As vaccination becomes more widespread and the pandemic seems to be on the wane in the US and UK, major publishers in in both countries have begun planning to return to the office, but they’re not just going back to the way things used to be.
Madeline McIntosh, CEO of Penguin Random House, wrote to staff that the company is “planning for the next normal,” and expects to reopen some offices in September, while also supporting work-from-home employees indefinitely. She said,
“Even once the building opens, we’ll need to be cautious in how we inhabit the space… the buildings will become a resource, but not a required one.” Penguin Random House “will be a ‘remote-friendly’ company…. That doesn’t mean that everyone will work from home all the time, but it does mean that those who choose to and are able to do their jobs from home (which is most of us, as 2020 showed) can continue to do so. As a company, we will vigorously support this mode.”
McIntosh herself plans to continue working from home: “We’re all eager to see each other and you all in person, but we don’t feel we need to do that on a daily basis.”
Hachette UK announced plans to bring staff back to work in their offices three days a week, phasing them in starting on June 21, 2021, with a “transition period over the summer,” and the shift going fully into effect on September 1. Their HR director, Melanie Tansey, wrote, “We now see home working as a crucial component of our working model and it’s here to stay…. That is why we’re transforming to a hybrid working model for the long term and believe it’s right for our business and for the wellbeing of all our staff.”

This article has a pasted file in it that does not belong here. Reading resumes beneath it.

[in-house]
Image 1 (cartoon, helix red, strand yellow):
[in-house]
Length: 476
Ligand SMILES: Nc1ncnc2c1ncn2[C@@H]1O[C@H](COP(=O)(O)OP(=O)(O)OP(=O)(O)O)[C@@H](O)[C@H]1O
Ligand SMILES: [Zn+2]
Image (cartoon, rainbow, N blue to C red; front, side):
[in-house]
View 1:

Bloomsbury UK is also planning a “partial return” to the office starting June 21, 2021, with some staff coming in two days a week. By September 7 they expect to transition fully to a “hybrid model of two days a week in the office and three days at home. Accommodation will be made for those who wish to work five days in the office and for those whose roles dictate it.”
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